Qubes/Whonix is always going to have some infrastructure anyway (for
updates etc). The larger time-suck would probably be triaging bug
reports to the respective tools, given that most will probably not be
associated with Q/W-developed work.

What I don't like about WhisperBack alike approaches is, that it leads to more secrecy behind closed doors. Everyone thinks their report need secrecy, is special and should be sent by encrypted mail to Whonix developers where they get private, premium support for free. Encourages laziness of just pressing the button. Less searching for existing discussions. Less incentive to sign up for the forums and user to user exchange.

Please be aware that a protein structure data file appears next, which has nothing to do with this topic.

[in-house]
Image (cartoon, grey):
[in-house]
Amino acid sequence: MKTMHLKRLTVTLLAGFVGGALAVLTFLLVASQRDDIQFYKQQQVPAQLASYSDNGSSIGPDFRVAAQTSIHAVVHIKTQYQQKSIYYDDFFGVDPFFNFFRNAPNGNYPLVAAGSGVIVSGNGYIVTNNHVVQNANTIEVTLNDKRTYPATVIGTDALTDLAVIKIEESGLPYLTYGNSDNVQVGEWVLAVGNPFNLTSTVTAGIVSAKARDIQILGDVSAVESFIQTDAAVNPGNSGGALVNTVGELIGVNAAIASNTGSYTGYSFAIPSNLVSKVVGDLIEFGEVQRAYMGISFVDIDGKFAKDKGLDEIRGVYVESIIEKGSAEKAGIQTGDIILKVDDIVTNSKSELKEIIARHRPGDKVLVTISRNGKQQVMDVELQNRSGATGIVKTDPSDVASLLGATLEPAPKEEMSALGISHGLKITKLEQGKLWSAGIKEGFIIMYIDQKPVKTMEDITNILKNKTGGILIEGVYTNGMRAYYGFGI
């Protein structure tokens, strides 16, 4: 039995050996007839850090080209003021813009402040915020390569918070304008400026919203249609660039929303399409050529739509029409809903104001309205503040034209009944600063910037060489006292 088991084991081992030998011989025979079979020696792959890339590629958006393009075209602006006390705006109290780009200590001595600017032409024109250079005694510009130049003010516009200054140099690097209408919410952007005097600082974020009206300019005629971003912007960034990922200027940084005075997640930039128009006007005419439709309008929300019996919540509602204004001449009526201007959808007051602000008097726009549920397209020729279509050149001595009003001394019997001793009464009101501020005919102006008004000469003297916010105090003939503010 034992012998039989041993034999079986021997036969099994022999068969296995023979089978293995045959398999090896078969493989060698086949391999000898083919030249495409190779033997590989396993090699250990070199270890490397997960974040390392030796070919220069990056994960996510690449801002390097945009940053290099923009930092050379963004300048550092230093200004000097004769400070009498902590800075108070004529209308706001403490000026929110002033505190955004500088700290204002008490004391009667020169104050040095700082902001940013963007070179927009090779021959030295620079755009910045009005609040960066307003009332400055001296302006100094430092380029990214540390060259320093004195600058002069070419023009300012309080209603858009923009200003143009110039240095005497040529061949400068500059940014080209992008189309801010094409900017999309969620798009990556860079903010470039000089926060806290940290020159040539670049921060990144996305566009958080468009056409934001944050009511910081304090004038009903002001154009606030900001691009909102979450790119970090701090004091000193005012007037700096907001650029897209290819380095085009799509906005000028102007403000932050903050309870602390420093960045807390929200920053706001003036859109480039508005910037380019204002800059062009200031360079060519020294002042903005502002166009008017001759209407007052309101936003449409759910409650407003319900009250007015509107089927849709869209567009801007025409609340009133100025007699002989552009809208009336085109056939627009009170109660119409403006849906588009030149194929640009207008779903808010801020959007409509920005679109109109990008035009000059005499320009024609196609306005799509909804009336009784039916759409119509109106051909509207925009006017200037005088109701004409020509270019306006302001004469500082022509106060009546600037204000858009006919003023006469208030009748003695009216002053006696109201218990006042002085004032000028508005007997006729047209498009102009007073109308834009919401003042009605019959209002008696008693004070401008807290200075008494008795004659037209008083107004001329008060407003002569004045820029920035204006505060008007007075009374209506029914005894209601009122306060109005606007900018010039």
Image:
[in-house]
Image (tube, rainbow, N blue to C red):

Tails has a stronger incentive for WhisperBack, because they primarily target host operating systems, have to deal with hardware issues. Whonix primarily targets VMs and leaves dealing with hardware issues to host operating systems. So bug reports / feature requests are more generic.

And the worst thing is, this kind of work behind the scenes isn't visible in public. Generates more "invisible" work in private while it looks like laziness in public. WhisperBack alike approaches seem more appropriate for paying customer to vendor support setups. Or like in case of The Tor Project, that receives funding dedicated for the employment of a support team.

All in all, I am not excited to invest time to make WhisperBack work. Also because reports would most likely reach my inbox. But if there is any compelling problem that needs to be solved, I stay open to arguments.